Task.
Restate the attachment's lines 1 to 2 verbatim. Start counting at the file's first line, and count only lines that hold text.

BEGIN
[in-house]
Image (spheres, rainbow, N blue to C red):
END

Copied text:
[in-house]
Image (spheres, rainbow, N blue to C red):